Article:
Dan Gardner is a journalist. Philip E. Tetlock is a psychologist at the Wharton School, University of Pennsylvania. They are co-authors of Superforecasting: The Art and Science of Prediction.
It seems almost the entire pollster-and-pundit class got the U.S. presidential election wrong, leaving millions of people feeling shocked, even betrayed. Worse, they feel afraid. There's so much uncertainty about a Trump administration and people are desperate for insight about what's coming next, but those who should be able to tell them just failed miserably.
Who can we turn to for forecasts we can trust? That's not easily answered. Judging even a single forecast is harder than it seems. And judging forecasters is exponentially harder.
Luck is the fundamental problem. The person who picks six lottery ticket numbers and wins is lucky, not skilled, but all too often we don't even consider luck when someone predicts something like a presidential election. And calling a presidential election takes a lot less luck than winning a lottery. A flipped coin had a 50 per cent shot at picking Donald Trump. So we can't simply look at the result and assume that someone who said "Trump will win" showed real foresight.
Unfortunately, many people are doing just that. One poll has been widely praised for having predicted a Trump win – even though it did that on the basis of a grossly inflated estimate of Mr. Trump's share of the popular vote.
And then there's Michael Moore. In July, Mr. Moore wrote a short essay in which he argued that a Trump victory was certain. Read today, his reasons look sound. After the election, Mr. Moore was celebrated and the media sought him out to explain what would happen next. Left unmentioned is that after Mr. Moore wrote that piece in July, he wrote another, in August, during a time when Mr. Trump's campaign was in chaos. Mr. Moore insisted Mr. Trump was "self-sabotaging" so he could quit before the election was held. The media also ignored that on Oct. 9, when the Trump campaign was again in disarray and Hillary Clinton was again surging in the polls, Mr. Moore tweeted this: "Some note it was my post in July, the 5 reasons Trump would win, that lit a fire under millions 2 take this seriously & get busy. Ur welcome."
No matter what the outcome, Mr. Moore had evidence he had seen it coming.
In any event, what most people care about isn't whether Michael Moore should take a victory lap. They want to know who can give them reliable insight into what is likely to happen next. So for the sake of argument, let's say that Mr. Moore nailed the election. He is now predicting that Mr. Trump will resign or be impeached before the end of his term. Based on his success, can we take that to the bank? Judging by the way the media treated Mr. Moore's prognostication, one would think so.
But imagine a baseball player who hit a home run the last time he was up. Now he's at bat again. Would you bet money on whether he will hit another home run? Not without a lot more information. After all, this guy may be a terrible batter. His home run may have been the first he ever hit. Or maybe he's Babe Ruth. Without knowing his track record – as expressed in performance statistics – you don't know. So you won't bet. What is Mr. Moore's record? In 2012, he predicted Mitt Romney would win. So now we've got two at-bats, with one hit and one miss. That's still nowhere near what we need to meaningfully judge.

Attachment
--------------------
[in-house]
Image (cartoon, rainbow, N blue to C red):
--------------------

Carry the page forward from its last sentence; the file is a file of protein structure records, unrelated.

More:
To be confident in our conclusions, we need to judge lots of forecasts under lots of different circumstances. That's particularly important for judging probabilistic forecasts like "there is a 70 per cent chance Hillary Clinton will win," which is roughly what Nate Silver's final forecast was. When Mr. Trump won, many people said Mr. Silver was wrong. That's not true. A forecast of "70 per cent Clinton" is also a forecast of "30 per cent Trump." If Mr. Trump wins, there's no way to know, on the basis of that one forecast alone, whether it was accurate or not.
But if you judge large numbers of forecasts you can judge. If 70 per cent of the events that are forecast at 70 per cent probability actually happen, and 30 per cent of the 30-per-cent forecasts happen, the forecaster is perfect. The further from this ideal he or she is, the worse the forecaster.
And to bring this all the way up to the scientific gold standard, there should be large numbers of forecasters making the same forecasts. That way there can be apples-to-apples comparisons of performance statistics and we can confidently separate the all-stars from the also-rans.
But outside the elite financial world – and even there it's spotty – few forecasters have been put to the test this way. That's particularly true of the pundits who dominate the media, where a single bull's eye can turn an unknown into a highly paid Nostradamus.
This can change. We now have the tools needed to judge forecasters. Some major institutions – from intelligence agencies to Wall Street firms – have started to use them because they have realized it is ridiculous to make decisions on the basis of forecasts whose reliability is unknown. The media could do the same. And when a pundit goes on television, her forecasting stats could appear on-screen, just as a baseball player's batting average appears when he steps up to home plate.
Maybe that sounds far-fetched. But delivering forecasts is a major part of what news organizations do and trust in that forecasting has been devastated. If the media want to restore trust, rigorous testing and independently calculated performance statistics would be a good way to do it.